LONDON – The art world equivalent of a dating app: That is the idea behind a subscription-based service that will be presented here for the first time on July 31st and will connect artists with collectors – without charging a commission.

Stacie McCormick, a US-born artist and gallery director, has come up with an alternative to an art market where the odds are against newcomers.

Today, most artist-to-buyer transactions are handled by a small number of large galleries that represent established names and charge substantial commissions.

Ms. McCormick heads Unit 1 Gallery | Workshop, an exhibition and artist living space in a former hardware wholesaler depot in West London. The glass-enclosed space also contains some of her own artwork: large, swirling abstract works inspired by Asian calligraphy.

“You have a top-down industry. There are these amazing elite galleries that bring phenomenal artists into the world, ”McCormick said in an interview in the room. “But there are very few entry points between this environment and the ground.”

She found that there are unrepresented artists worth discovering and many consumers who would love to discover them, but few places where the two could overlap.

Her app, Fair Art Fair, described her as “a tinder for artists and collectors. It’s a way to make this meeting easier, ”she said. Because “in almost every industry there is no middleman”.

To join, artists pay £ 15 (about $ 21) for a monthly subscription that includes an account where they can store and view images of works and also initiate business transactions like creating an invoice or a certificate of authenticity.

Collectors also have a dedicated virtual room where they can store images of their collections and complete transactions. Curators can use the app to put together an exhibition virtually or live, as well as create press releases and price lists.

Despite the app’s promise, some in the art world said it would be a long time before the app disrupted the market.

“There is both a growing need and a growing desire by many different people to offer alternatives to the art trade,” said Allan Schwartzman, a New York-based art consultant.

Is the app “something that becomes a parallel reality or a meaningful alternative?” He asked. “I think it could go either way,” he said, depending on who is using it.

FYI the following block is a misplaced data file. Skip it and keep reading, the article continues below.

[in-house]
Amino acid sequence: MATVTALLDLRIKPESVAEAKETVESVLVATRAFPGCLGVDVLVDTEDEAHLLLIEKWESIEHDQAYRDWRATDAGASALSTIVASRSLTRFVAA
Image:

Mr. Schwartzman made an analogy to smaller art fairs that take place at the same time and at the same time as the big ones. These aren’t necessarily “places you’ll ever want to buy,” he noted. You can achieve “measured successes, but these two worlds do not intrude”.

The app was born from Ms. McCormick’s gallery and workshop, which she created in 2015 to recreate the kind of caring and communal atmosphere she enjoyed while studying for her Masters at a London art school.

At Unit 1, Artists in Residence put a work for sale, which enters the gallery collection and is included in exhibitions curated by Ms. McCormick. The gallery then produces a limited print run based on the work that generates revenue.

Ms. McCormick said the room lost money in the first five years and the pandemic would have closed it completely if it weren’t for £ 35,000.

That small initial lifeline was followed by an additional £ 150,000 infusion which also allowed McCormick to develop and launch the app. She said she needed between 1,000 and 1,500 monthly subscribers to cover her expenses.

Radhika Khimji, a London-based Omani artist whose work is represented by galleries in Vienna and Kolkata, India, said she tried to connect with collectors through various commission-based apps a few years ago but had no success. “Online is a pretty saturated space,” she said.

However, with the pandemic, people are shopping a lot more online and their own Instagram feed is getting more exposure than before, she said. The app’s ability to automatically generate paperwork could be “very beneficial,” she noted.

But to take off, the app needs to keep its promises and have the support of prominent figures and publications in the art world, she added. “It’s about credibility.”

Mr Schwartzman said the new collectors he encountered were typically “much richer” and “busier” than previous generations of new collectors and “convenient expenses at a very high price that would take decades for collectors in the past, if “ever.”

Despite Fair Art Fair’s endeavors to establish a measure of justice, “at the end of the day art is not fair,” he said. “Genius doesn’t multiply by the amount of money that wants to buy it.”

The app has a good chance of success if it is “very well curated and focused”, if the information is “well organized” and a process is in place to attract high quality work.